These minor small-town annoyances become more serious – and deadly – when the Skirt Man is killed in a tragic house fire during a benefit ballet performance starring Meredith Bly. Meredith’s father, State Trooper Sebastian Bly, and her uncle, Fire Marshal Billy Nightingale, are called in to investigate what some say is a case of spontaneous human combustion. Charred wood and chair remnants at the fire scene lead Sebastian and Billy to uncover clues that reveal hidden conflicts and a shocking discovery that will change the lives of everyone in Killdeer.
Bringing back the brave and imaginative family team from Tabula Rasa, author and fire investigator Shelly Reuben fans the flames of small-town passion and breathes life into an unusual local hero.
|Publisher:||Bernard Street Books|
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About the Author
Shelly Reuben is the author of Tabula Rasa, Origin & Cause, Spent Matches, the Edgar-nominated Julian Solo, and Weeping. She is a licensed private detective and a certified fire investigator who has been investigating fires and arson for more than twenty years. She lives in New York.
Read an Excerpt
The Skirt Man
By Reuben, Shelly
HarcourtCopyright © 2006 Reuben, Shelly
All right reserved.
In retrospect, it is amazing how many lives he touched.
Of course, "Skirt Man" wasn't his real name. His real name was Morgan Mason. But nobody ever called him that. And you can't blame them. What else would you call an old farmer who stuttered and drove his tractor into town a few times a week with his dog yapping along at his side wearing a skirt?
Not the dog.
My husband and I live on Willow Keep Road, which is less than two miles from the Skirt Man's farm. Small towns being what they are, though, Morgan Mason did his shopping in Killdeer, I did mine in Fawn Creek, and our twain had never met.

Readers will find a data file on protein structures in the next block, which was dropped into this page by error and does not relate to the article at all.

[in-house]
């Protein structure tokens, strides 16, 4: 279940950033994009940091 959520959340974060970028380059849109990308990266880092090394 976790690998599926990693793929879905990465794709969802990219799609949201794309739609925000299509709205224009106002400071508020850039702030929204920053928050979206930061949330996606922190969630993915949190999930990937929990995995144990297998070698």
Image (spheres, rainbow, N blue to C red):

Not, at least, until . . .
Oh, so many things seemed to happen at once.
There was my job at the newspaper and my boss trying to retire. There was the benefit to raise funds for the town hall and our daughter, Merry, coming home to dance. There were those adorable Dillenbeck boys deciding to run the Skirt Man for mayor and then both of them falling in love with Merry at once. There was Creedmore Snowdon's campaign to turn Killdeer into Disneyland. And there was poor Rose Gimbel secretly playing Robin Hood; Lillian Roadigger's incomprehensible mood swings; Lewis Furth trying to start a range war; and that horrible Domingo Nogales Ramirez doing what he did to the old Hobby HillsHorse Farm.
And, of course, there was the murder.
The journalist in me wants to start at the beginning of all these events and proceed logically to the end. But the involved citizen in me who knew, liked, loved, or loathed so many of the participants can't figure out where the beginning is.
So, I'll just close my eyes, take a deep breath, try to pin the tail somewhere on this donkey, and hope that I don't stab myself in the eye.
Copyright 2006 by Shelly Reuben
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